© Guardian photo by Heather Taweel
Education Minister Alan McIsaac
Alan McIsaac talking to school board, teachers' federation about making up for time lost to storms
Education Minister Alan McIsaac is trying to find more classroom time for Island students to make up for all the lost time this winter.
Students returned to class on Wednesday after missing five consecutive days due to bad weather. They've missed a total of 12 days this school year.
The English Language School Board cancelled a professional development day and parent-teacher interview day scheduled for Friday to make up for lost class time.
McIssac calls it "a crazy year'' with so much lost time, explaining that he's in discussions with the board superintendent and the P.E.I. Teachers' Federation about options.
The minister said he wrote a letter to Gilles Arsenault, president of the PEITF, on Wednesday to see if teachers are okay with giving up their scheduled PD day in May in favour of class time.
"I wrote the letter to ask if (Gilles) would consider giving that day up this year for instructional time,'' McIsaac said following question period in the legislature on Wednesday. "That's their decision and we will find out next week when we get a response back from them. We hope that we can capture as much time coming up to the end of June.''
Arsenault said the PEITF is most concerned about the fact that government and the school board made the decision to cancel PD day on Friday without consulting with teachers first.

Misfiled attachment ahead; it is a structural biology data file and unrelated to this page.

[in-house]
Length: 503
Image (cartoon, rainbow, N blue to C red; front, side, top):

"That is where we are kind of disappointed,'' Arsenault said. "We learned (of the cancellation) through the media. There was no consultation with the federation and we're a big stakeholder in this.
"We learned it through social media and through different channels that this was going to happen. Teachers are disappointed that there hasn't been a whole lot of communication on this. Teachers value the instructional time.''
McIsaac said based on his discussion with the board superintendent there isn't much desire to cancel field trips, for example, that have already been paid for.
"But there are things that, perhaps, aren't fully paid for or booked at the present time so perhaps we look at capturing some instructional time there too,'' the minister said.
McIsaac said adding school days onto the end of the school year is not an option.
Immanuel Christian School, for example, chose years ago to create a June schedule that ends a little earlier than the government system because it found children's productivity wanes as June advances.
Arsenault says there is no reason to blow things out of proportion.
"(Teachers) are used to adjusting. They can adjust their teaching, they can send homework. There are a variety of ways they can amend (the schedule) to get this (year) back on track. At this point, there's no need to panic.''
The teachers' federation president notes that PD days have a long-lasting effect on generations of students.
McIsaac said the priority is to try and find extra class time, wherever it causes the least amount of disruption.
"We've had bad years like this before . . . but we have a curriculum that we want to get finished so we need a specific amount of time.''